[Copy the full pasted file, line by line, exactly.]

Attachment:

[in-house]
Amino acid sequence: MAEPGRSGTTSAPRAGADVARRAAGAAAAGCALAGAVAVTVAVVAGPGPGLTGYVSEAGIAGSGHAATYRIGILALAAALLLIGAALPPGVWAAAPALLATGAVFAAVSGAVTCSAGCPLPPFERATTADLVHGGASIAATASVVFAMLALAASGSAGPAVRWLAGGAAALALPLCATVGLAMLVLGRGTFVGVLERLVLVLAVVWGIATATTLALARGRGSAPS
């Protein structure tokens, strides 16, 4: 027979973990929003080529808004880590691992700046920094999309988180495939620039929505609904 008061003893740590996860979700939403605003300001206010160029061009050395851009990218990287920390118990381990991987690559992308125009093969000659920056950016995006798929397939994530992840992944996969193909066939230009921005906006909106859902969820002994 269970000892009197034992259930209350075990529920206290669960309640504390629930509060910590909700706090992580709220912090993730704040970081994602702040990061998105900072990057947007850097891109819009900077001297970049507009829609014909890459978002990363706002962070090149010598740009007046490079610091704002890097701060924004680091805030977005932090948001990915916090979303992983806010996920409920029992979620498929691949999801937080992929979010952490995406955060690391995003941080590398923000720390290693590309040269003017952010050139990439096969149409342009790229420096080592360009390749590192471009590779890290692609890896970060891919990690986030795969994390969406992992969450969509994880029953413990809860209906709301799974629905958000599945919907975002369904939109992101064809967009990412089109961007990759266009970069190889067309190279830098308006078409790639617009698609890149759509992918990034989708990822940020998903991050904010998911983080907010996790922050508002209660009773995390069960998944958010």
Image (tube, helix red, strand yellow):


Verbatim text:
[in-house]
Amino acid sequence: MAEPGRSGTTSAPRAGADVARRAAGAAAAGCALAGAVAVTVAVVAGPGPGLTGYVSEAGIAGSGHAATYRIGILALAAALLLIGAALPPGVWAAAPALLATGAVFAAVSGAVTCSAGCPLPPFERATTADLVHGGASIAATASVVFAMLALAASGSAGPAVRWLAGGAAALALPLCATVGLAMLVLGRGTFVGVLERLVLVLAVVWGIATATTLALARGRGSAPS
């Protein structure tokens, strides 16, 4: 027979973990929003080529808004880590691992700046920094999309988180495939620039929505609904 008061003893740590996860979700939403605003300001206010160029061009050395851009990218990287920390118990381990991987690559992308125009093969000659920056950016995006798929397939994530992840992944996969193909066939230009921005906006909106859902969820002994 269970000892009197034992259930209350075990529920206290669960309640504390629930509060910590909700706090992580709220912090993730704040970081994602702040990061998105900072990057947007850097891109819009900077001297970049507009829609014909890459978002990363706002962070090149010598740009007046490079610091704002890097701060924004680091805030977005932090948001990915916090979303992983806010996920409920029992979620498929691949999801937080992929979010952490995406955060690391995003941080590398923000720390290693590309040269003017952010050139990439096969149409342009790229420096080592360009390749590192471009590779890290692609890896970060891919990690986030795969994390969406992992969450969509994880029953413990809860209906709301799974629905958000599945919907975002369904939109992101064809967009990412089109961007990759266009970069190889067309190279830098308006078409790639617009698609890149759509992918990034989708990822940020998903991050904010998911983080907010996790922050508002209660009773995390069960998944958010």
Image (tube, helix red, strand yellow):